By Brian Marcel, CFO, MSBO Board Member, Assistant Superintendent, Administrative & Support Services, Washtenaw ISD
I have been lucky enough to be able to take part in some leadership training recently and thought I would share some of the “nuggets” I have been introduced to and have been able to apply personally. By no means am I attempting to teach you these concepts! It’s more to 1) share what I learned and, if you’re interested, you could do some more reading or training related to them, and 2) relay the importance of professional development beyond technical training (which is where my personal tendency is to focus). The items I’m sharing with you here are all from a leadership training serious our administrative team is currently engaged in with ZingTrain, one of the ten unique businesses that are part of the Zingerman’s organization.
The first one has to do with our relationship with time. I’m guessing that like many of you, when someone asked how I was doing, my response would often be “I can’t believe how busy I am right now”, or just “So busy!” The training discusses the power of the language we use around time, the lens we use to how we use our time, the “urgency addiction”, and the four quadrants of time management (often attributed to Stephen Covey, but first designed by President Dwight Eisenhower). One of the concepts of our relationship with time is that we are making a choice to do the things we’re doing. We have the control to focus on the things we want to focus on. In our roles, it often feels like the number of activities we need to engage in to get our work done is overwhelming, and sometimes feels not in our control. What I did was take one step back from that and said to myself that I chose to do this work, and that I continue to choose to do this work. That is under my control. I know what this position entails and I choose to wake up every day and dedicate my time to it. Having this perspective has helped me feel more in control of my workdays and maintain a positive attitude. I can’t imagine a career I could love more!
The other area I felt was really helpful to me was in the area of mindful self-management. One of the key points here is that it is self-management, and again, it is under your control. The training starts with getting to know yourself, and then gets into the area of inner dialogue and self-respect. The first concept under inner dialogue gets into should vs. could self-talk. The number of times I have said to myself “I should have done _____ ” is countless. “Should” infers that something external kept you from doing whatever that thing is. However, in many cases there really was nothing external that prevented you from doing it; you chose to do the thing you did. Flipping the self-talk to “I could have done _____” brings the perspective internal; you chose to do the thing you ended up doing. “Should” is a “Could” with shame! Stop “shouding” on yourself!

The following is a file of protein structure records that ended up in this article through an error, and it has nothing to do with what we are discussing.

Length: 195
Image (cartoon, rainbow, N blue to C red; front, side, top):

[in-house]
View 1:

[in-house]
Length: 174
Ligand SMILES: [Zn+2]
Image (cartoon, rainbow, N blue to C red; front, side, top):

Also under mindful self-management is a similar self-talk concept of “have to” vs “choose to”. Do you “have to” do something or do you actually “choose to” do something? Everything is a choice, isn’t it? When you say to yourself that you “have to do _____ right now”, ask yourself, do you really have to do it right now? Are you sure? If so, then change your mindset and realize that you’re choosing to do that right now for whatever the reason is, not because you have to. If you really don’t have to do that thing right now, then don’t, and do the thing you really should be doing. How many times have you said to yourself, “I have to go to this meeting”? Many times we say that to ourselves because there would be consequences if we didn’t attend the meeting. But we are actually choosing to go to that meeting because we don’t like the consequences, we don’t really have to go to the meeting! Changing that internal dialogue can help change your perspective on what’s really happening. Taking it one step deeper, often the consequences we perceive are related to how our supervisor or colleagues would react if we didn’t attend the meeting. If they knew the other things you had to do, would they really expect you to be at the meeting? By changing the perspective to “choose to,” it becomes more evident that you can have a discussion with your supervisor about what you’re seeing as your priority right now and you can jointly decide how you should be spending your time.
None of these concepts take hold overnight. They take self-reflection and practice. However, I’ve found that taking the time to do so and changing my perspective on how I view time and manage my inner dialogue has been so helpful to me and how I feel about my work. Hopefully you can take something away from this that you find beneficial for you!
Other Articles in this Newsletter
- Congratulations to MSBO Awards & Scholarship Recipients
- Don’t Miss Out on this Leadership Opportunity
- Get to Know the MSBO Board Candidates
- GIFTS – Julie Omer
- MSBO 84th Annual Conference & Exhibit Show – Update
- MSBO Business Manager Academy Provides Working Knowledge of School Finance
- MSBO Certification Classes and Professional Development On Demand
- MSBO Update – David Martell
- Still Time to Utilize Dynamic Budget Projections
- Welcome New Members